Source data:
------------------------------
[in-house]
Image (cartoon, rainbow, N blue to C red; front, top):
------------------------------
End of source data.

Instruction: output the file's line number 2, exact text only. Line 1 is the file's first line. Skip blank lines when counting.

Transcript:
Image (cartoon, rainbow, N blue to C red; front, top):